This reading group guide for Heads of the Colored People includes an introduction, discussion questions, and ideas for enhancing your book club. The suggested questions are intended to help your reading group find new and interesting angles and topics for your discussion. We hope that these ideas will enrich your conversation and increase your enjoyment of the bookIntroduction
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In Heads of the Colored People
Nafissa Thompson-Spires grapples with black identity and the contemporary middle class in the compelling, boundary-pushing vignettes.
Each captivating story plunges headfirst into the lives of new, utterly original characters. Some are darkly humorous—from two mothers exchanging snide remarks through notes in their kids’ backpacks, to the young girl contemplating how best to notify her Facebook friends of her impending suicide, while others are devastatingly poignant—from a new mother and funeral singer who is driven to madness with grief for the young black boys who have fallen victim to gun violence, to the teen who struggles between her upper middle class upbringing and her desire to fully connect with black culture. Thompson-Spires fearlessly shines a light on the simmering tensions and precariousness of black citizenship.Topics & Questions for Discussion 1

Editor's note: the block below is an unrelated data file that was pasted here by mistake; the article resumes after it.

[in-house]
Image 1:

. In the opening story, “Heads of the Colored People: Four Fancy Sketches, Two Chalk Outlines, And No Apology,” what similarities arise in both Riley and Brother Man? In the height of the conflict between the two men Thompson-Spires writes, “it was just like Naruto v. Pain, only with two black guys, so you couldn’t tell if either one was the hero.” Discuss why their race would help dictate knowing which was the hero.2.
In the same story, before Thompson-Spires shares a few of the details of the shooting, did you already predict them? Were your predictions correct?3.
As Randolph speaks with DIY in “The Necessary Changes Have Been Made” she says to him:
“ Sometimes the problem is the environment; sometimes you are the environment. In your case, you think you’re making changes, but you take the problem with you, like you did exchanging your old job for this one,” she said, tapping one side of her head. Then she gestured with one hand for him to leave. Randolph left the meeting furious with DIY, though he couldn’t put his finger on exactly why. He asked Carol about the new office that day, and though it looked like another demotion of sorts, it represented, for him, a battle he won, growing a pair.”
Do you agree that Randolph is the problem here? Who won the battle Randolph or Isabela?4.
In “Belles Lettres,” how does the feud between Dr. Lucinda Johnston and Dr. Monica Willis highlight the challenges upper class minority families’ face? Which letter did you find the most offensive and yet comical, and how do the two women reconcile?5.